On Deck: The Fourteenth Amendment

The entire nation will be watching how the challenges to Proposition 8 unfold in California very carefully. Consequently, the issue of same-sex marriage will likely remain prominent national news for some time. Especially since Proposition 8 will likely be challenged in the federal court system in addition to the California Supreme Court. Most likely opposition groups will mount a legal challenge in federal courts on the basis that California’s Constitution is in violation of the Fourteenth Amendment of the U.S. Constitution.

The Fourteenth Amendment
The Fourteenth Amendment to the U.S. Constitution is generally the keystone to any civil rights argument. Ratified in 1868 after the Civil War, the Fourteenth Amendment has been used to end segregation and legalize abortion. the relevant portion of the amendment reads: No State shall make or enforce any law which shall abridge the privileges or immunities of citizens of the United States; nor shall any State deprive any person of life, liberty, or property, without due process of law; nor deny to any person within its jurisdiction the equal protection of the laws.

Both the clauses: equal protection of the law, and nor shall any State deprive any person of life, liberty, or property; are in play in regards to the issue of same-sex marriage. And opponents of a same-sex marriage ban are likely to cite the Supreme Court precedent of Loving v. Virginia:

Contrary to popular belief, the right to marry for interracial couples comes not from legislatures becoming more liberal, but from judicial activism. In Loving v. Virginia the Supreme Court unanimously ruled that the Commonwealth of Virginia’s “Racial Integrity Act,” which required a citizen’s race to be recorded and made it a felony to marry outside one’s race, was unconstitutional on the grounds that it violated the Equal Protection Clause of the Fourteenth Amendment.

Writing the Majority Opinion, chief Justice Earl Warren wrote: the Fourteenth Amendment requires that the freedom of choice to marry not be restricted by invidious racial discrimination. Under our Constitution, teh freedom to marry, or not marry, a person of another race resides with the individual and cannot be infringed on by the State.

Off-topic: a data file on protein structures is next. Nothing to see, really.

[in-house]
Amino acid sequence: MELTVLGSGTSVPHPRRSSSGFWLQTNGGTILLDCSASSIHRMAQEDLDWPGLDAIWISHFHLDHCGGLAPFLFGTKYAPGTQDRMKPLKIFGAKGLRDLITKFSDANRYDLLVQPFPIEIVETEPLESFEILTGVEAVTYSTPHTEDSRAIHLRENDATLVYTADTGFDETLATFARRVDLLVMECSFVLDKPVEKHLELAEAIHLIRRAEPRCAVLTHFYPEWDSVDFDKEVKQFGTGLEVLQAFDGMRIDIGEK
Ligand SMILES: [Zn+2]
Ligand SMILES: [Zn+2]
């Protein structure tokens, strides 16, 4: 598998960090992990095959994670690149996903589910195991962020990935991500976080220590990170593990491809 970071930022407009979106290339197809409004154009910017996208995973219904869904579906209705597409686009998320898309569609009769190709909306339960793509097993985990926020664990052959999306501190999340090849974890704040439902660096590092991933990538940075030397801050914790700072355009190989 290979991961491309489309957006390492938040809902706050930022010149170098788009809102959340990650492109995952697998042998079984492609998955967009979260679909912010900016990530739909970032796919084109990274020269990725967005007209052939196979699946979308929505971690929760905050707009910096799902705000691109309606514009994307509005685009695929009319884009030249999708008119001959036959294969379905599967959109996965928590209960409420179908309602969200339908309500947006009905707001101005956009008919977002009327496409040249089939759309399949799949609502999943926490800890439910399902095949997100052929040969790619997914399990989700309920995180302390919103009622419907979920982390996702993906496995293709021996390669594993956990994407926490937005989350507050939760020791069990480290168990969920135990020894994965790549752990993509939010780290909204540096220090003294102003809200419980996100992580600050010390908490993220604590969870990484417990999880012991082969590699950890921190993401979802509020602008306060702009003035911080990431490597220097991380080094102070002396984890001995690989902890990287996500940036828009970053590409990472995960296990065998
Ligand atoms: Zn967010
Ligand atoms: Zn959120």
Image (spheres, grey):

In 1992, voters in Colorado saw what the Loving v. Virginia ruling might imply for same-sex marriages, so they attempted to amend the Colorado Constitution in a way that would ban same-sex marriage if gays and lesbians were indeed categorized as a minority:

Neither the state of Colorado, through any of its branches or departments, or any of its agencies, political subdivisions, municipalities or school districts, shall enact, adopt or enforce any statute, regulation, ordinance or policy whereby homosexual, lesbian or bisexual orientation, conduct, practices or relationships shall constitute or otherwise be the basis of, or entitle any person or class of persons to have or claim any minority status, quota preferences, protected status or claim of discrimination. This Section of the Constitution shall be in all respects self-executing.

The Amendment was never enacted as a District Court judge approved an injunction against the law, and the Colorado Supreme Court overruled it on the grounds that it violated the Fourteenth Amendment when “strict scrutiny” was applied.

The State of Colorado appealed to the U.S. Supreme Court in Romer v. Evans, and the Court voted 6-3 that the U.S. Constitution’s Fourteenth Amendment supersedes the Colorado Constitution and that Amendment 2 was so broadly hostile to a minority group that there was no compelling state interest to enact it.

Lawrence v. Texas